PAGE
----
Earlier this week, CAGE’s international director stood on trial, defending the right to protect the confidential data of a survivor of torture. The case highlighted the excessive nature of Schedule 7, which allows for the suspicionless stop and subsequent warrantless ‘digital strip search’ of innocent travellers.

In court, the police officers conceded that they stop individuals on a mere hunch. This coupled with their unfettered access to digital data has alarmed journalists and campaigners alike. This law poses a direct threat to any person passing through UK ports while carrying any confidential information.

These are some of the reactions from the world of campaigners and journalism:

Middle East Eye:

“…the key is Finding the appropriate balance and cases like Rabbani’s and Carpenter will undoubtedly continue to define those boundaries for the public and government alike.”

Open Rights Group:

“These powers are blanket and do not require suspicion. They have been employed against journalists and others to compel them to provide information.”

Index on Censorship:

The legislation threatens the work of reporters and of advocacy groups…

The Intercept:

The most senior officer acknowledged that Rabbani had not been randomly stopped and was instead deliberately targeted… never before had police seemed so determined to gain access to his electronic devices.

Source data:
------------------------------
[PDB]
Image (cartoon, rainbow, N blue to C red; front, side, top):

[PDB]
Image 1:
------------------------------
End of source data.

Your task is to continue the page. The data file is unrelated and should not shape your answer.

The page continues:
Senior district judge Emma Arbuthnot said she believed Rabbani was protecting sensitive information but [she] was bound by the law to find him guilty.

The Guardian:

The implication of the verdict was that at the point of entry to the UK, she said [Gareth Pierce], suspects faced a dilemma “like a gun being pointed to your head” by the police.


As he left court, the large number who had come out to support him cheered, clapped and handed him flowers and a box of chocolates. “If privacy and confidentiality are crimes, then the law stands condemned,” he told them.


That anti-terror laws are used to convict people with no conceivable connection to actual terrorism is partly to blame for the increasing cynicism with which they are seen in the UK.


Khan [Human Rights Lawyer] hit out at Rabbani’s conviction being portrayed as related to terrorism offences, when there is actually “no connection between what he did and any form of terrorism.Indeed he hasn’t even be suspected of terrorism,” Khan remarked.

Hi Tech Beacon:

In what has been described as another embarrassing indictment of United Kingdom terror legislation, Rabbani was charged under anti-terror laws for not giving passwords.

Naked Security:

Anyone going to or from the UK, USA and a growing list of other countries, can be asked for a device password, whether they are suspected of an offence or not.”

Socialist Worker:

“They give the police the power to snoop on anyone they deem suspicious. Some 99.98 percent of those stopped are never charged.”

New York Magazine:

The ruling sets a precedent that could have severe consequences for anyone handling sensitive information and travelling into the United Kingdom.

Muslim News:

“Under the law, any individual entering the U.K. can be detained and questioned and their DNA and fingerprints can be collected. Their passwords can be demanded to access personal devices by the security services without needing any suspicion regarding the individual.”

(NOTE: CAGE represents cases of individuals based on the remit of our work. Supporting a case does not mean we agree with the views or actions of the individual. Content published on CAGE may not reflect the official position of our organisation.)